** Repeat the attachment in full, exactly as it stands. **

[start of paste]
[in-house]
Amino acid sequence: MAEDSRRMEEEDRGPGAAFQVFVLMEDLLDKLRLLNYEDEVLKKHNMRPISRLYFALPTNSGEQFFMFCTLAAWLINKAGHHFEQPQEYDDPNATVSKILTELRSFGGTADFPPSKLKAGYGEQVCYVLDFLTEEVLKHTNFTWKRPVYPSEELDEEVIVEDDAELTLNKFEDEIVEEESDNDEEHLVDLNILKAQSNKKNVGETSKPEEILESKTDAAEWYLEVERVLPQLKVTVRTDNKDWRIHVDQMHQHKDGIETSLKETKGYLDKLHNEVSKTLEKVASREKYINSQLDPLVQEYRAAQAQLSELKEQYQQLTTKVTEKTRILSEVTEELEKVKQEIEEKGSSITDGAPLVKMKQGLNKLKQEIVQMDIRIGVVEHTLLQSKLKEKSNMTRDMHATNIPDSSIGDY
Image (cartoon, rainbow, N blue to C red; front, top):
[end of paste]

[in-house]
Amino acid sequence: MAEDSRRMEEEDRGPGAAFQVFVLMEDLLDKLRLLNYEDEVLKKHNMRPISRLYFALPTNSGEQFFMFCTLAAWLINKAGHHFEQPQEYDDPNATVSKILTELRSFGGTADFPPSKLKAGYGEQVCYVLDFLTEEVLKHTNFTWKRPVYPSEELDEEVIVEDDAELTLNKFEDEIVEEESDNDEEHLVDLNILKAQSNKKNVGETSKPEEILESKTDAAEWYLEVERVLPQLKVTVRTDNKDWRIHVDQMHQHKDGIETSLKETKGYLDKLHNEVSKTLEKVASREKYINSQLDPLVQEYRAAQAQLSELKEQYQQLTTKVTEKTRILSEVTEELEKVKQEIEEKGSSITDGAPLVKMKQGLNKLKQEIVQMDIRIGVVEHTLLQSKLKEKSNMTRDMHATNIPDSSIGDY
Image (cartoon, rainbow, N blue to C red; front, top):